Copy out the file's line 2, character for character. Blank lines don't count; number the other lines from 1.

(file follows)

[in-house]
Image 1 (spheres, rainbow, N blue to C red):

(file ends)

Image 1 (spheres, rainbow, N blue to C red):